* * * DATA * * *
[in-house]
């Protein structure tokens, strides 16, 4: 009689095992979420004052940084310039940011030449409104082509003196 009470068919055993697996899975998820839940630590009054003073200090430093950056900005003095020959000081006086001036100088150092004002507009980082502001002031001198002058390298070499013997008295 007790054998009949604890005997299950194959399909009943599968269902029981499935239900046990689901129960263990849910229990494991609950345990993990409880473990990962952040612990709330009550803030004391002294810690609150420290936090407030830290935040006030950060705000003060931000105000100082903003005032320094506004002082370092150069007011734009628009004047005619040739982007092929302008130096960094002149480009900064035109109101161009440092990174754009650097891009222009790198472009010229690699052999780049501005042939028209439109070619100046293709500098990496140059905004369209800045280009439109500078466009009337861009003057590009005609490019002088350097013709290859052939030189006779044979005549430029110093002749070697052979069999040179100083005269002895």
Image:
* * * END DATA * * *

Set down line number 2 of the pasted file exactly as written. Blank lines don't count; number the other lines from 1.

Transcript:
């Protein structure tokens, strides 16, 4: 009689095992979420004052940084310039940011030449409104082509003196 009470068919055993697996899975998820839940630590009054003073200090430093950056900005003095020959000081006086001036100088150092004002507009980082502001002031001198002058390298070499013997008295 007790054998009949604890005997299950194959399909009943599968269902029981499935239900046990689901129960263990849910229990494991609950345990993990409880473990990962952040612990709330009550803030004391002294810690609150420290936090407030830290935040006030950060705000003060931000105000100082903003005032320094506004002082370092150069007011734009628009004047005619040739982007092929302008130096960094002149480009900064035109109101161009440092990174754009650097891009222009790198472009010229690699052999780049501005042939028209439109070619100046293709500098990496140059905004369209800045280009439109500078466009009337861009003057590009005609490019002088350097013709290859052939030189006779044979005549430029110093002749070697052979069999040179100083005269002895």